It’s not often we see a press vehicle with three pedals and a six-speed stick. Now that automatic transmissions generally have eclipsed manuals in terms of the performance and efficiency of the vehicles they’re bolted to, reasons for choosing one are limited to nostalgia and cost savings.
Okay, that’s a bit harsh. I, for one, drive a car with a manual gearbox because of the control and involvement that results from rowing your own gears. To me, it’s just better. I’m driving the car, not the other way around.
So when I peeked through the window of this Corolla and saw the gearshift, I must admit that the appeal of this SE trim went from zero to... well, not zero.
The Corolla’s credentials speak for itself: it’s constantly doing battle against Civic and Elantra as one of the top three small cars for sale in Canada. But staying in this company means that Toyota can’t just set the cruise and relax: it’s all about having a competitive edge. And Toyota is pushing safety big-time in 2017: standard equipment on all Corollas, right from the $16,390 CE trim, includes automatic high beams, dynamic radar cruise control, pre-collision system with pedestrian detection and lane departure alert with steering assist.
The pre-collision system works like this. A combination camera and radar system mounted near the top of the windshield keeps an eye out for vehicles or pedestrians in the Corolla’s path. If such an obstacle exists, visual and audible warnings alert the driver when the probability of collision is high. If that’s not enough to get the driver’s right foot planted on the brake pedal, additional braking force is automatically applied to avoid, or at least minimize, the collision. Even if the driver freezes and doesn’t apply the brakes at all, the system is capable of applying full braking pressure on its own.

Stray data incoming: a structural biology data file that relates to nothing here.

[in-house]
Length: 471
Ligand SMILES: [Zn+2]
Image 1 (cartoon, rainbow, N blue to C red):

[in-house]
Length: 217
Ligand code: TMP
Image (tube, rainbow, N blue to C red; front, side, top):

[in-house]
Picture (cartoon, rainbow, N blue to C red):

Now, I’m not the biggest supporter of autonomous driving technology, but when it’s used to get people out of a pinch like this, I’m all for it.
Other Corolla changes for 2017 are limited to minor cosmetic tweaks and feature upgrades. Our mid-level SE model, which replaces the S from last year, starts at $20,505. It includes partial LED lighting, automatic climate control, a 6.1-inch display screen, sport seats with two-tone upholstery and contrasting stitching, piano black trim, 16-inch steel wheels and a rear lip spoiler.
The optional upgrade package includes rear disc brakes, a power moonroof, heated steering wheel, and 17-inch alloys for an extra $1,500, representing good value for these extras.
The row-it-yourself gearbox is connected to the same 1.8-litre four-banger that propels all Corolla models. Generating 132 horsepower and 128 lb-ft of torque, it’s a quiet, refined piece that generates impressive fuel consumption numbers. Rated at 8.4 L/100 km in the city and 6.5 on the highway, I had no trouble duplicating these figures during my week of mixed driving.
Getting the six-speed stick means avoiding the continuously variable automatic; I highly recommend it. In this application, there’s no fuel consumption penalty when going with the stick. And controlling which gear you’re in is vastly preferable to the monotony of the CVT in action.
Unfortunately, the manual gearbox couldn’t hide the lack of urgency that results when low fuel consumption is the target. Getting any sort of push from the peaky engine requires a bit of patience as the revs climb toward its 6,000-rpm power peak. The Hyundai Elantra has 147 hp while the Honda Civic gets 158 horses. Plus, the Civic can be fitted with a 1.5-litre turbo that bumps that number to 174. So my seat-of-the-pants impression that the Corolla lacks gusto is confirmed by a glance at the specs, and at those of its competitors.
My other drivability issue with the Corolla is high-speed stability on the open road. There’s not a real great sense of straight ahead, requiring many course corrections along the way. And cross winds blow the car around more than they should, exacerbating the issue.
The bottom line is that the six-speed manual adds an element of fun and driver involvement to the Corolla that you can’t get with the CVT. But if you’re looking for a car that’s intrinsically driver-oriented, this isn’t it. Instead, buyers can expect efficient, fuss-free motoring with an attractive wrapper at a competitive price.